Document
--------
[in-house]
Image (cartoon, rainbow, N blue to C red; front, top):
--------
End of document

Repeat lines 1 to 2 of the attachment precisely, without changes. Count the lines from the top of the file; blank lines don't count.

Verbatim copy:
[in-house]
Image (cartoon, rainbow, N blue to C red; front, top):